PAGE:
Officials feared that McChrystal's influence would be diminished and could jeopardize the momentum of the U.S. counterinsurgency strategy in Afghanistan. At the same time, officials realized how closely tied McChrystal was with the current counterinsurgency strategy, and the fact that Gen. David McKiernan was dismissed from the same job last summer could cause upheaval in operations on the ground.
The government of Afghan President Hamid Karzai threw its support behind McChrystal, portrayed in the article as one of the very few U.S. leaders on the ground who often sided with Karzai.
"The president believes that we are in very sensitive juncture in our partnership, in our war on terror, in the process of bringing peace and stability in Afghanistan," Karzai's spokesman Waheed Omer said in a videoconference. "In that any gap in this process will not be helpful, so we hope that for the sake of the process to move forward smoothly and for the sake of the process not to be interrupted we hope that there is not a change of leadership in the international forces here in Afghanistan."
In the profile by Michael Hastings, published in Rolling Stone, titled "The Runaway General," McChrystal is characterized as an outsider who did not relate well with the administration, and as a military leader who was "disappointed" with his first meeting with the president.
Hastings said McChrystal was fully aware of the notebook and tape recorder that the freelance journalist always had in his interviews.
"It was a sort of natural kind of recklessness that General McCrystal had, that has been with him through his entire career, as I understand it, I hear from the special forces community," Hastings told ABC News' Diane Sawyer Tuesday. "Their willingness to take a risk is a part of their whole persona. And inviting me in, was a obviously a risk, as it always is when you invite a journalist in."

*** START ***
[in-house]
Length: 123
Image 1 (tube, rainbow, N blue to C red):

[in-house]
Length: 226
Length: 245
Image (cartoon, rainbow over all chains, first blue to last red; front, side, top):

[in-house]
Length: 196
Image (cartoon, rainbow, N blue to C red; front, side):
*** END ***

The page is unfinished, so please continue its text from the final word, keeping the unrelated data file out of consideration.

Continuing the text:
McChrystal and his aides criticized several top U.S. officials, including U.S. special envoy to Pakistan and Afghanistan Richard Holbrooke -- dubbed a "wounded animal." McChyrstal also said he felt betrayed by U.S. ambassador to Afghanistan Karl Eikenberry for the ambassador's criticism of Karzai in a leaked cable.
One of the article's most disparaging remarks comes from an unnamed adviser to McChrystal, who described the general's first meeting with Obama.
"Obama clearly didn't know anything about him, who he was," the aide said. "Here's the guy who's going to run his [expletive] war, but he didn't seem very engaged. The boss was pretty disappointed."
In his apology, McChrystal said he had "enormous respect and admiration for President Obama and his national security team, and for the civilian leaders and troops fighting this war" and said he remains "committed to ensuring its successful outcome."
In the article, McChrystal said the president criticized him for speaking too bluntly about needing more troops last fall.
"I found that time painful," McChrystal said in the article. "I was selling an unsellable position."
The story has raised questions about the issue of trust between the White House and the man running the show in Afghanistan, which has now become the United States' longest war ever.